As Jen Cadwallader expresses in her Essay “Plain Jane and the Limits of Female Beauty”: “the homage paid to her appearance is a detriment to the development of her [Georgiana’s] character.” (Cadwallader 239). Thanks to her beauty, others seem to ignore or play down the mistakes Georgiana makes in her life, because of that she develops into “shallow” and “self-centred”
In the passage, Nancy Mairs, who has multiple sclerosis, calls herself “a cripple.” Mairs presents herself in the passage by using rhetorical features such as tone, word choice, and rhetorical structure. Among other vocabulary possibilities, she specifically choose cripple to be the word that describes her. Why she choose this word, she wasn’t really sure. Perhaps because the word cripple doesn't hide the truth from the outside: “ I have long since grown accustomed to them; and if they are vague, at least they hint at the truth.”
In this conversation, Blanche Ingram and her mother voice their prejudice against the lower class by not even taking Jane Eyre ’s position seriously and despising her. They show their hatred when they talk about Jane’s position although they are aware of her presence in the room. The main reason why Blanche Ingram despises Jane is because Jane’s social position is inferior, yet her education is superior to Blanche Ingram. This is why she feels the need to speak in French which is supposed to show her education.
In the passage Nancy Maria prefers to call herself “cripple”. She finds “disabled” and “handicapped” to be inaccurate of her condition. Nancy Mairs uses tone, word choice, and rhetorical structure to convey feelings on the term “cripple”. Nancy Mairs tone throughout the passage was neutral. Statements like “I am cripple.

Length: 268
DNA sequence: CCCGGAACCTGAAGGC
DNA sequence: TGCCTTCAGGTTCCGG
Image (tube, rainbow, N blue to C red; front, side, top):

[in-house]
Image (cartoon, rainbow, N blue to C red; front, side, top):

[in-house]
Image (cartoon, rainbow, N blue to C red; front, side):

Therefore, the readers discern sympathy and sorrow because of her cultural barriers to other cultures, this including to develop efficient dress style. Proceeding, “The line I first heard… like other girls” (Cofer 8). This quote uses interesting, yet effective diction to inflict disgust or realization of the
To start off, the speaker sets an intense tone to demonstrate how she feels towards this person and the way they treat her. She expresses “black shoe” (2), and “lived like a foot” (3) to represent how the rank of herself is low compared to anybody else. The setting that she establishes makes the reader sense the agonizing hurt and pain that she is experiencing. What the speaker is trying to accomplish is to show that she has lived her life where someone walks all over her and she doesn’t compare to others.
David 's... Luke 's, Helen 's, Jane 's... and Paul 's. Paul, the worst” (141). The stilted nature of this statement and the ellipsis between the names depict her reluctance to admit her mistakes and the blindness of her pursuit of perfection while inflicting severe damages on her surroundings. She mentions the harm she caused to herself first, implying egoistic intentions. On the other hand, as she states that the influence of her decisions on Paul is the worst, Harriet is developing self-consciousness and depicting that her children’s good is also crucial to